Trio guilty of murder of Ahmaud Arbery. What now? – The Denver Post

Ahmaud Arbery Georgia Trial 47027


ATLANTA (AP) — The murder was captured on video and shared around the world: Ahmaud Arbery ran to and then around an idling pickup truck before the driver shot him at close range with a shotgun.

Shortly after Travis McMichael fatally shot Arbery on Feb. 23, 2020, his father, Greg McMichael, told police how the couple armed themselves, chased the young black man and captured him “like a rat.” Neighbor William “Roddie” Bryan told officers he joined the chase and helped cut off Arbery’s escape.

After a 13-day trial at the Glynn County courthouse on the coast of Georgia, a disproportionately white jury found the three white men guilty of murder. Each man was also convicted on lesser charges.


A nine-count indictment charged all three men with one count of willful murder, four counts of felony murder, two counts of aggravated assault, one count of false imprisonment and one count of criminal attempt to commit a felony, in this case false imprisonment.

Travis McMichael was convicted of all nine charges. Greg McMichael was convicted of all charges except for murder with intent. Bryan was convicted of two counts of felony murder, one count of aggravated assault, one count of false imprisonment, and one count of criminal attempt to commit a felony.


Convictions for malice and felony murder both carry a minimum penalty of life in prison. The judge will decide whether that comes with or without the possibility of early release. Even if the option of parole is granted, a person convicted of murder must serve 30 years before being eligible. Multiple murder convictions are pooled for sentencing.

Murder can also carry the death penalty in Georgia if the murder meets certain criteria and the prosecutor chooses to demand the death penalty. Prosecutors in this case do not.

Each count of aggravated assault carries a prison sentence of at least one year, but not more than 20 years. False imprisonment carries a prison term of one to ten years.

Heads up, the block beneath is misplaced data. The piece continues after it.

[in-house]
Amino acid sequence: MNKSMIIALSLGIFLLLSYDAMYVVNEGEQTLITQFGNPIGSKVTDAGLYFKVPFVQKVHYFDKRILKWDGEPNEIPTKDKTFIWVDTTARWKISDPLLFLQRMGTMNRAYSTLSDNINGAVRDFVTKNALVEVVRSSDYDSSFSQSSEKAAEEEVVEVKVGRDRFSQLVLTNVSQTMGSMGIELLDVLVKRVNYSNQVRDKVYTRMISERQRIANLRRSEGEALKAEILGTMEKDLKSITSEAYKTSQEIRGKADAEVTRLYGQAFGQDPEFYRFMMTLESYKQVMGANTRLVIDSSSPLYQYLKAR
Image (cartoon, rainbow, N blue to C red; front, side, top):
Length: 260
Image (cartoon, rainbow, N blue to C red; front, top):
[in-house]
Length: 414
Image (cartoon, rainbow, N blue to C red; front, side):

That’s not clear yet. Judge Timothy Walmsley of the Superior Court will set a sentencing date.


Appeal in this case is almost certain, said University of Georgia law professor Ron Carlson.

A likely basis for appeal could be the exclusion of certain evidence from the trial, he said. Defense attorneys had tried to provide evidence of Arbery’s criminal record, records of his mental health and the fact that he was on probation. They also wanted an expert on the use of force to testify. But the judge ruled against admitting any evidence.

“They will argue that relevant evidence useful to the defense was excluded by the investigating judge and that that was an error,” Carlson said.

It is also possible that professional attorneys may find other grounds for appeal after searching transcripts and jury instructions and speaking with jurors.


Yes. The McMichaels and Bryan are still facing federal charges.

Months before the three went on trial on charges of state murder, a federal grand jury indicted them on hate crime charges in April. It is a completely separate matter unaffected by the outcome of the trial.

U.S. District Court Judge Lisa Godbey Wood has scheduled jury selection in the federal trial to begin Feb. 7. All three men are charged with one charge of civil rights interference and attempted kidnapping. The McMichaels were also charged with using, carrying and brandishing a firearm during a violent crime.

According to the federal indictment, the men targeted Arbery because he was black.


Associated Press writer Russ Bynum in Brunswick, Georgia, contributed to this report. Find all of the AP’s coverage of the case:

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